I then made a most unwise decision. I abandoned my house in order to run out back and head down a hill full of old trees and bushes, nearly impenetrable and completely safe – if I could reach it. Alas, the boys were on that side of the house. I’ll never forget the sight of a machete held high, gleaming in the moonlight as they took off after me. I slipped and fell but my Filipino martial arts teachers (Arnis) had taught me what to do in that situation: I was to pretend I was riding a bicycle upside-down, while flashing my blade in every direction. The kicking feet divert your attacker while you attack.
Sure enough, it worked. I put my knife through the calf of the taller thief, who had landed closer to me than was wise, while I cut the shorter one across his throat as he leaned over to attack me – alas not deeply enough to kill him. Both ran off, and I returned to my house. But I was so terrified that I couldn’t be certain if they had run away, as they had, or were lurking around for a second attack.
I had called the police early on, and they had promised to send a car. It was a scant ten-minute drive from the police station to my house, but it took them a full hour to reach my yard. When they finally did, they kept quiet at the edge until I came out on the porch at which point they apparently decided it was safe to enter because they turned on their police lights and approached.
One officer stayed in the vehicle the entire time, while the other one wanted to search my home on the basis of the blood trail leading out of it. I pointed out that the blood came from my own wound (wounded by myself as I thrashed my knife around upside down) so it merely tracked my movements. But I couldn’t deter him from entering my home. I at least prevented him from entering my bedroom, which he was eager to do.
At no time did he search the outside premises, ask to see where the near-fatal encounter had occurred – where we would have found a slipper that I found in the morning, which indicated the youths came from nearby – nor did he walk around the house and notice the broken bathroom window where they had were preparing to enter right before I rushed out. The police drove off, and that was it.
I spent the night at a friend’s home. Mr. Cameron was a school principal with whom I had worked for many years. He had a licensed gun, and his wife tended to my wound, but I was well frightened by then and no amount of safety felt like enough. Later, I was to marvel that I’d never thought to call Mr. Cameron while the incident was unfolding – far closer than the police, far more in the know, and far more on my side. That kind of blindness can kill you, but luckily, in this case, it didn’t.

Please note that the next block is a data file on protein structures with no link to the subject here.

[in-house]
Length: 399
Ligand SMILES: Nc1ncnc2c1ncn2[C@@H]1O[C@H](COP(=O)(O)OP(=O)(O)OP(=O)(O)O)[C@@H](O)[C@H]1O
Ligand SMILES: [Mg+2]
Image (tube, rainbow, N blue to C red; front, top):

My assailants were arrested, but after the arrests the detective called to say that I owed him a computer in payment. I got “rahtid,” as we say in Jamaica – extremely angry. If the thieves don’t get your money, the police will. I told him not to raise the issue with me again. He said it was for his daughter. I again told him not to raise the subject with me. So he sold the case out on the bottom side. The employer and pastor of one of the men and a friend of the other put together the $500 necessary to buy off two five-year prison felonies. When they were brought on for trial they looked around scared and asked, “Did the white man come?” The detective said no. He had in fact deprived me of the right to testify by never informing me of the court date. The charge was downgraded to a $130 fine for robbing a man in the public square by threatening him with a machete.
The other day I met a Jamaican of around my age who had just sold his home and a second house he owned in Ft. Lauderdale in order to retire to Jamaica. Ahh, I said, you are finally enjoying your dream of retiring to Jamaica! “No,” he said, “I’m leaving this coming Thursday to return to Ft. Lauderdale. Here is way too dangerous.” After dark, he said, even when it was his wife or daughter knocking to ask entrance, he could never be sure there wasn’t a man there too, holding a gun to her head as she was requesting entry.
Nobody is running me out of Jamaica – as Huey Newton’s father put it, you have to take a killing but you don’t have to take a beating. I have not yet taken a beating and hope I never will. As for a killing, I am seventy-two years old. If it comes, it comes. It would certainly cost me less in lost years than a lot of others I’ve known and continue to mourn, men like Be-be and G and Peter Tosh, women like Celestine, and many, many others.